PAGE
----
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April 24, 2006

Judge McConnell on "The Booker Mess"

Thanks to a tip from a helpful reader, I see here that Tenth Circuit Judge Michael W. McConnell has authored the Foreword to the latest issue of the Denver University Law Review on a topic dear to my heart.  Judge McConnell's article is entitled "The Booker Mess," and the full cite for the article, is 83 Denv. U. L. Rev. 665 (2006).  The article, which is available at this link, discusses the data on post-Booker reversal rates and sentencing trends.  After a quote from the Disney movie version of the Pirates of the Caribbean: The Curse of the Black Pearl, the article starts with this paragraph:

Each year, over 65,000 criminal defendants are sentenced in the federal courts; about 1,200 are sentenced each week.  Since 1984, Congress has required sentences to be determined according to a strict and detailed set of Sentencing Guidelines.  On January 12, 2005, in United States v. Booker, the Supreme Court declared this sentencing system unconstitutional.  The Justices left many questions unanswered regarding how the lower courts should treat defendants sentenced under the prior regime and how to sentence defendants in the future.  These issues occupied much of the attention of federal courts during 2005.  The Tenth Circuit alone rendered two en banc decisions and some 226 panel decisions (as of this writing), addressing how to deal with defendants who were sentenced before Booker was decided.  Nationwide, this retrospective question produced a four-way circuit split and literally thousands of panel decisions.  And it will require many more decisions to figure out how to apply Booker moving forward.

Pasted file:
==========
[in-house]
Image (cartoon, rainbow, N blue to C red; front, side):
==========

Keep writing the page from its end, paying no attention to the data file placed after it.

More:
And Judge McConnell's article closes with these sentiments:

I am inclined to think that a modest increase in the discretion of district judges, exercised judiciously, could enhance justice.  In this sense, I welcome the Booker result, even though I cannot endorse its reasoning.  But it was more important to take a serious look at the statutes governing sentencing.  This is a matter for Congress.  I fear that Booker, by putting forward an extravagant claim of constitutional principles coupled with an anemic and self-contradictory remedy, may have set back the cause of reform, to relatively little purpose.

April 24, 2006 at 12:14 PM | Permalink


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Notably, the McConnell piece opens with the following memorable quotation:

"The [Pirate] Code is more of what you would call guidelines than actual rules."

--Barbossa, Pirates of the Carribean

Posted by: | Feb 12, 2007 9:32:23 AM

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